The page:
The remake opens with Justin Bieber, who seems about 25 years away from reaching puberty. Neither she nor I knew many of the other artists (I hope it's not racist to say that with the hoods, knit caps, and sunglasses, all rappers look alike to me, and most of the female singers of today are indistinguishable to me, visually, vocally, and musically). I knew Josh Groban and identified to my daughter Tony Bennett, who apparently wandered into the wrong place as he's old enough to be most everyone else's grandfather. The splicing in of the clip of Michael Jackson from the original, and then bringing in Janet in the same screen was creepy and gross (but not as creepy and gross as seeing Randy and LaToya Jackson being completely useless in the original).

And then what's this? Barbra Streisand, with a surprising lack of gravitas. A few more generic singers and then some guy with a bizarre voice. Pink, whom I respect, comes on and then, OMG, another clip of Michael? Then Celine Dion appears and makes me want to rip my ears clean out of my head. I see Gladys Knight, one of my all-time favorite singers, in the crowd and wonder shy she doesn't get a spotlight.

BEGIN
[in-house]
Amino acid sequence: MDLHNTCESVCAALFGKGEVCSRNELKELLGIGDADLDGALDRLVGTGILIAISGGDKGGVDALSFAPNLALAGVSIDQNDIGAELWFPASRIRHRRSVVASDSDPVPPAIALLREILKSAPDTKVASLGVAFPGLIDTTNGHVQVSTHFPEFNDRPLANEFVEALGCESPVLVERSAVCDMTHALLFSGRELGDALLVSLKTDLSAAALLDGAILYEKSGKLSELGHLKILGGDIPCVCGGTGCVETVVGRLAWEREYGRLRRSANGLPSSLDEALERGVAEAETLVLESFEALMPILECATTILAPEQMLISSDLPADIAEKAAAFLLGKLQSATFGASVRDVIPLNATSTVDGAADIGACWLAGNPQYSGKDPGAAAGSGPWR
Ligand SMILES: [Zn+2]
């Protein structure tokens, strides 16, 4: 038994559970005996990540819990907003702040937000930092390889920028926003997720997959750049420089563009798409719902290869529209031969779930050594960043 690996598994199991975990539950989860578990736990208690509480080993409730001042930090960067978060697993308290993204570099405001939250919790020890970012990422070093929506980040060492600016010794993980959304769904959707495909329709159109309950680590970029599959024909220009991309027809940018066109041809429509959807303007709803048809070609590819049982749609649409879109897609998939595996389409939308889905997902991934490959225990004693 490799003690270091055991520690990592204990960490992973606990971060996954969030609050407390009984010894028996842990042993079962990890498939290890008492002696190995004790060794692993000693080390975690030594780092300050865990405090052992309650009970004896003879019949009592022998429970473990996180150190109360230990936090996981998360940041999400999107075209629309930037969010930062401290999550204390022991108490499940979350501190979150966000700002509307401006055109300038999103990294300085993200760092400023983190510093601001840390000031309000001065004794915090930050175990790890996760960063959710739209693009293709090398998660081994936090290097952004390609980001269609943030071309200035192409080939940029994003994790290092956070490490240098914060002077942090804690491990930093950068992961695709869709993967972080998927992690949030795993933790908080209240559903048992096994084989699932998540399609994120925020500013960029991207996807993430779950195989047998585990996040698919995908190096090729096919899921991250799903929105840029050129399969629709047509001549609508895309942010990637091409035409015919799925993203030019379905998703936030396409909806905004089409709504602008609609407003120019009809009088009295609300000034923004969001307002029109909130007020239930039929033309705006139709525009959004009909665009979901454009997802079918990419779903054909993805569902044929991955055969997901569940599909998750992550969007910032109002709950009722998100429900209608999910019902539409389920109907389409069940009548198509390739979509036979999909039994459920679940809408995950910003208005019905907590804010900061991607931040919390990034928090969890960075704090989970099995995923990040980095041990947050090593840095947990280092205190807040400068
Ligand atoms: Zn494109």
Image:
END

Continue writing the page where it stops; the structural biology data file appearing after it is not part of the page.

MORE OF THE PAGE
Then at 4:32, in another crowd shot, I'm stunned to see, on the far right, Brian Wilson, the genius himself, and two to the left of him is his ex-Beach Boys bandmate Al Jardine, IN MATCHING SHIRTS NO LESS. Two of the greatest living practitioners of harmony singing don't get a spotlight. At least they get a fair amount of screen time.

Jamie Foxx reprises Ray Charles' line from the original in his voice at 5:42, then the rap segment comes in with the subtlety of the Haitian earthquake itself. Eventually, it ends, and I tell my daughter that I want her to see the original to compare. Mind you, I haven't seen the original in many years myself, and I was never much of a fan of it to begin with. I support the idea behind it, of course, but it was never anything I would buy because it was in the wheelhouse of my musical taste. But check it out we did: